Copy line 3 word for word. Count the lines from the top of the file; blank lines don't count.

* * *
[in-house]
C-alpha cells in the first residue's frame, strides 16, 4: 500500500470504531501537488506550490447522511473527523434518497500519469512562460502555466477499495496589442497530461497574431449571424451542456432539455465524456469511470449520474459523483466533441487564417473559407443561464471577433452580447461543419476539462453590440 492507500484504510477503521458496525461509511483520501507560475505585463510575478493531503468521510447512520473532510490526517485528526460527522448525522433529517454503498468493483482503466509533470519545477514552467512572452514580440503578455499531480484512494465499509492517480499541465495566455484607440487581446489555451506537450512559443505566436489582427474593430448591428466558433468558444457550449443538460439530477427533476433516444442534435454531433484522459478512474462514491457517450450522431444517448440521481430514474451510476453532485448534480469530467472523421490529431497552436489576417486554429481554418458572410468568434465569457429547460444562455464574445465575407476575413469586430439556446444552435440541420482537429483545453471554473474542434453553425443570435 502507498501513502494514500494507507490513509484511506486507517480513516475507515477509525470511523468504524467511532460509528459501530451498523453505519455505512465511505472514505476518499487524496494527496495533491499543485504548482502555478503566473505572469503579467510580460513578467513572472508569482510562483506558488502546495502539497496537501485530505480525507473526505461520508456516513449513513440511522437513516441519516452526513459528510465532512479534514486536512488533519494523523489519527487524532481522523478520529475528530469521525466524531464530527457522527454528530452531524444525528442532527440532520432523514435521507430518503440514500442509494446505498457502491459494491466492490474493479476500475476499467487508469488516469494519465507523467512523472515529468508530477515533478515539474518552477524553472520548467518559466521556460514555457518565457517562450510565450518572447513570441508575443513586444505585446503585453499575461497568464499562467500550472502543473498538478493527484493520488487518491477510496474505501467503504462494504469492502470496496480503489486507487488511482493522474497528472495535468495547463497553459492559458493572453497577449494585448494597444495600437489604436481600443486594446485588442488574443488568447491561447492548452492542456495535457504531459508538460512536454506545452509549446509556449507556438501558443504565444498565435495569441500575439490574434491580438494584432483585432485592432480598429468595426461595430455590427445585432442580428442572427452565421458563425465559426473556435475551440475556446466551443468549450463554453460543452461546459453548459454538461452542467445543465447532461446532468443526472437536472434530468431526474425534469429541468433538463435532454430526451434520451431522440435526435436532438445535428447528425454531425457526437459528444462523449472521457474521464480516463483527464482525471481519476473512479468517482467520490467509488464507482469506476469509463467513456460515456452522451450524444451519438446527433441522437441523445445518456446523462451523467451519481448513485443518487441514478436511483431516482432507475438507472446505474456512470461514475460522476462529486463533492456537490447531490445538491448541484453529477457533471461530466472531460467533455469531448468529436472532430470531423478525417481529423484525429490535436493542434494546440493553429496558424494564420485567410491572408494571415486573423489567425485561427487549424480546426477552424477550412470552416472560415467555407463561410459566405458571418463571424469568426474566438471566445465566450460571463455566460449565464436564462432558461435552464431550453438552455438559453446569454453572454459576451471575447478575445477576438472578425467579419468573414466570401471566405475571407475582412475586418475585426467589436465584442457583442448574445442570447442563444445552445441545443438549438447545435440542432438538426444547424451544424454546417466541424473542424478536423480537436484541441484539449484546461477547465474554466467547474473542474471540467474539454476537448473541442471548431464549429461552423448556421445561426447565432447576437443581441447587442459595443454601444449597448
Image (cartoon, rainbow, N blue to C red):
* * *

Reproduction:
Image (cartoon, rainbow, N blue to C red):